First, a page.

Most experienced family law practitioners know that White v White introduced the ‘sharing principle’ where as a general guide, an equal division of assets between husband and wife should be departed from only if there is good reason for doing so.
Often there is an argument used by the asset holding party that they have made a “special contribution” or such like and the courts in the main have been unimpressed by those arguments save where those contributions have been “exceptional”.
It would seem therefore that we are doomed to just lay down and accept the sharing principle in all but the most exceptional of cases. However recently in Sharp v Sharp  EWCA Civ 408 the court did depart from the principle of sharing and the wife was successful in reducing the capital sum awarded to the husband in a short marriage with no children.
The basic facts are that the parties earned similar incomes of circa £100,000 per annum but they the wife went on to earn substantial bonuses of over £10 million during the marriage whilst the husband earned very trivial bonuses.
At first instance, applying the sharing principle Sir Peter Singer found that there was no sufficient reason identified for departing from equality of the division of the assets and awarded the husband £2.7 million. Broadly speaking half the matrimonial pot.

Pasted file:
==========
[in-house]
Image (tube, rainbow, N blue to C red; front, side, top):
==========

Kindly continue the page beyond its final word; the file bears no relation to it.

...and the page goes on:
The wife appealed.
Decision of the Court of Appeal
McFarlane LJ held:
1. The notion that the sharing principle applied unless the parties had entered into a prenuptial agreement was “unsustainable and not supported by any authority”.
2. The opinion of the majority in Miller was that the law should entertain the possibility for departure from equal sharing where there are unilateral assets in a short marriage and it was dual-income case.
3. The obiter comments in Charman, preferring the approach of Lord Nicholls, was not a determinative statement of the law.
4. The manner in which the parties arranged their finances was more than sufficient to establish that the wife maintained her capital separately, in a manner compatible with that described by Baroness Hale in Miller.
The wife’s appeal was allowed.
The husband’s claim was therefore limited to £2 million calculated as follows:
(a) £1.3m being a 50% share of the aggregate value of the parties’ two properties, which were held in joint names; and
(b) £700,000 to reflect three factors: (i) the standard of living enjoyed during the marriage; (ii) the need for a modest capital fund to live in the property the husband was to retain; and (iii) some share in the assets held by the wife.
The main crux therefore seems to me that the income and approach to spending was to delineate expenditure but equally importantly, that the marriage was short.
One question that remains unanswered is: how is a ‘short’ marriage defined?
We shall have to wait and see.
This information provided in this article is not intended to constitute legal advice and each relationship breakdown requires careful consideration in our view by a fully qualified Solicitor before decisions are made and before you embark on a certain course of action.
Penn Chambers Solicitors
0207 183 2898